So, government folks CAN use the public infrastructure. They dont HAVE to split off., and be a "special" assurance domain  
 
> Date: Tue, 8 Feb 2011 08:45:17 -0800
> From: jeff@sayremedia.com
> To: henry.story@bblfish.net
> CC: jeff@sayremedia.com; public-xg-webid@w3.org
> Subject: Re: WebID-ISSUE-27 (bblfish): track electronic IDentity (eID) initivatives [liaison with other groups]
> 
> 
> >
> > On 8 Feb 2011, henry.story@bblfish.net wrote:
> >
> > Yes, indeed those come together. We should perhaps have a wiki
> > page eID
> > eID/Europe
> > eID/USA
> >
> > To track what is going on.
> 
> I agree. A new wiki to pull together the various government identity
> initiatives is a good idea.
> 
> >
> >>
> >> It is inevitable that sovereign governments will create their own
> >> identification protocols.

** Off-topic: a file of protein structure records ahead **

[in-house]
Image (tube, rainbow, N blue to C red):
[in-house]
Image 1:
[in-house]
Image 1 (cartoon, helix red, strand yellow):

> >
> > Well, I think it is inevitable that they will all end up using TLS,
> > just simply because browsers are so widely deployed. We should not
> > assume that government officials are unable to see the obvious
> 
> I should have been more precise. Instead of saying that governments will
> create their own identification protocols, I meant governments will
> politicize the issue of Internet-based identity.
> 
> I think you are correct in suggesting that we should put forth possible
> WebID use cases for governments and NGOs alike. The financial sector is a
> great space on which to concentrate.
> 
> Jeff
> 
> >> I suggest that we consider combining all such government initiatives
> >> into
> >> a single issue so as to better track and organize our discussions around
> >> this important topic.
> >
> > yes, this is also tied of tracking hardware authentication devices it
> > seems,
> > which can be deployed by other institutions, such as banks for example. In